It’s interesting to compare the men versus the women in Chungking Express. There are four focalizations in the film: the woman in the blond wig, Cop 223, Faye, and Cop 663. We peer inside the thinking and feeling of the men, thanks to the interior monologues, but not similarly into the insides of the women. The women are only viewed from the outside and remain opaque and fascinatingly unpredictable. Apparently for Wong Kar Wai, women are eternally mysterious characters: enchanting, but perhaps ultimately unknowable. The only option for men, it seems is to surrender (as Cop 663 does at the end) to their unfathomable allure. The men, 223 and 663, on the other hand, are shown revealing their internal suffering and vulnerability. They are comprehensible, while the women are not. When 663 meets up with his ex-girlfriend again near the end of the film, he stoically presents a friendly, sympathetic smile. The girlfriend, though, seems cruelly unfeeling and invisible behind her disinterested smile. The difference in how we see the two is striking. Note that the two men are so obsessive about their own romantic misfortunes that they are strikingly unobservant of things happening around them. This is ironic, since the two oblivious and self-absorbed cops are supposed to be “watchers" and constantly on the lookout for threats to human safety. The two principal women, by contrast, are acutely observant of the smallest details around them. Faye, for example, notices a single feminine hair on the pillow, while 663 notices almost nothing. And we, the viewers, are observant watchers, too – of both the mysterious charm of the women and the existential loneliness of the men.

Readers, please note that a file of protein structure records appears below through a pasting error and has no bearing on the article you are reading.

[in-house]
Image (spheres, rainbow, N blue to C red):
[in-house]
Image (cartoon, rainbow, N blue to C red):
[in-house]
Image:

1 comment:

Pedro Eduardo Ferrari said...

great post, but the his cut of ashes of time is even more alien to mainstream filmmaking and closer to the wkw personal style you describe than chungking.